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How to Make Homemade Liquid Shampoo Using Liz Ardlady's Famous Shampoo Bar Recipe

Sharon has been making and selling soaps and personal care products for about five years.

Homemade Shampoo All Dressed Up in Nice Bottle. The color is normally amber, but this batch took in a more reddish tint due to the addition of a little dark patchouli essential oil.

Homemade Shampoo All Dressed Up in Nice Bottle. The color is normally amber, but this batch took in a more reddish tint due to the addition of a little dark patchouli essential oil.

How to Make Real Soap Shampoos From Scratch

I began making homemade shampoo around five years ago and was delighted with the improvement in my hair. I found that it made my hair feel as soft and silky as it did when I was ten years old.

The reason why many people prefer a "real soap" shampoo (and body soap) is because most commercial shampoos, liquid soaps, and bar soaps are "detergent bars" that strip your skin, scalp, and hair of oils. They can cause excessive drying of skin and scalp, resulting in scaly skin and dandruff. Plus, many contain sodium lauryl sulfate, which is an allergen for some people, and many contain harmful phthalates.

My earliest homemade shampoo recipe was made by grating 100% olive oil soap, whirling it in a blender with either distilled water or rosewater, and adding canned coconut milk to supply a touch of coconut oil for moisturizing. This was great stuff, and I didn't notice spoilage even stored at room temperature, but any concoction made with milks, hydrosols (like rosewater), or even distilled water will spoil after a while, even if refrigerated, and such combinations can be full of bacteria, even if they have no tell-tale smell or bad appearance.

My coconut milk liquid shampoo is easy to make—you don't need to be a soapmaker to whip up a batch. Here is the easy recipe.

But if you are a soapmaker, the next step is to make a shampoo bar. Shampoo bars are a type of bar soap that is specially formulated to work well on hair.

Most of us, regardless of whether we make our own soap, know that neither homemade nor commercial bar soaps work very well on hair. They seem to work okay for some people, and men especially can have success using any old bar of soap for shampoo, but most of us find that ordinary bar soaps leave our hair dull and gummy.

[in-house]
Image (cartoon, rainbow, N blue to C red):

However, it's possible to make a homemade bar soap only from all-natural oils and butters (along with lye and water) that leave your hair silky and shiny and keep your scalp healthy and free of debris. You just need the right formula!

This is why I was delighted to discover Liz Ardlady's shampoo bar recipe. Liz has freely shared her recipe—along with all the research she has done to develop her formula—on her blog and in many soap-making groups. The blog explains why she chose particular oils and butters to use for hair. Her shampoo bar formula is so good it has made her a bit of a celebrity among soap makers. So my next step in making a great shampoo was Liz's recipe.

Here is her recipe, which includes a couple of variations.

After I had used Liz's shampoo bar recipe for a year or so, I became interested in making liquid soap and thought, "Why not make a liquid shampoo using Liz's formula?"

It turns out that Liz's shampoo bar formula can easily be adapted to make an absolutely lovely liquid soap! It makes up into a liquid soap that is a perfectly clear, pale amber.

Note: For some people (like me), natural soap shampoos produce outstanding results immediately. Many other people have problems with these shampoos. See the sidebar to understand the cause of these problems and what to do about them.

Shampoo bars can be lovely too! This one is mad with Liz Ardlady's formula and scented with geranium essential oil and sprinkled with white mica.

Shampoo bars can be lovely too! This one is mad with Liz Ardlady's formula and scented with geranium essential oil and sprinkled with white mica.

Another shampoo bar made with Liz Ardlady's formula: Scented with ylang-ylang and orange essential oils.

Another shampoo bar made with Liz Ardlady's formula: Scented with ylang-ylang and orange essential oils.

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